• Granted, our home-grown food would arguably be more “valuable” in that it may be more “secure.” But to opt for the level of misery we experienced this last year, henceforth, in a quest for ultimate food security, does not seem worth it to us. Given the downsides to growing our own food, our food insecurity fears are sufficiently assuaged by now knowing that we could grow our own food if we had to. But our first choice, in the case of financial collapse, would be to put our all into more community-wide survival efforts, so that we would (all) have a better chance at not just surviving, but thriving.
Hands touching a globe

Working together we can do more.
(NOTE: This picture is licensed for my use, as I found it within the “Clipart”
collection of my Microsoft Office suite, but do not consider it openly licensed,
as the rest of my article is, because I have no rights to transfer the copyright.)

  • Related to the foregoing, I love how much more we can accomplish when we divide our labor as a species, rather than each try to do it all. The NLRBE vision completely embraces interdependence and divided labor (albeit divided amongst machine automated labor, whenever possible, and volunteer human labor, whenever necessary or desired). It’s the monetary system used for trying to coordinate and accomplish this interdependence that is so problematic, in ways discussed here and here.
    • The more people (and automated alternatives) with whom we can divide our labor, arguably the more we can accomplish as a species. As a species, we can not only feed ourselves, but study and travel to other planets, discover cures to diseases, and create ever more advanced technologies to give humans ever increasing choice about how they spend their time. At the other extreme, trying to do it all individually, we can accomplish immensely less. In the middle, dividing labor only amongst members of a hundred person intentional community, let’s say, we could accomplish more than as individuals, but still nowhere near what we could accomplish as a species. For me, this has been a very sobering re-discovery. It makes intentional communities look more attractive then family self-sufficiency, but less attractive than working within the largest economy possible.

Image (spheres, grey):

• Our 2014 intentional community visits led us to the same re-discovery about the value of maximally divided labor and large economies. For more details, click here.
  • It turns out that my kids aren’t interested in subsistence farming/living, like so many youth in developing and developed countries alike.
    Picture of boys doing Mindstorms blog

    Our sons demonstrating a robot they put together.

    Like so many humans generally, they strive to climb Maslow’s “hierarchy of needs.” They long to self-actualize. For them this means working on the cutting edge of what’s possible for humanity. They want to use, explore, and create fascinating, new, high tech things – things that are, at least currently, only possible with the focus that divided labor provides.

  • Another discovery we made was that my husband and I don’t much enjoy subsistence farming/living either. Although I was doing most the work, he was regularly involved on weekends. And he, like the kids and I, found the work amounted to stressful, extra “to do” items. And, for me, very isolating ones, because I was doing the work alone the vast majority of the time.
  • Perhaps if we had all been simultaneously passionate about doing a050nd available to do the work, together, we would have found it fun and connecting enough to be sufficiently self-actualizing – or at least some people could have. It’s hard to be sure. But, in fact, we weren’t, and we didn’t.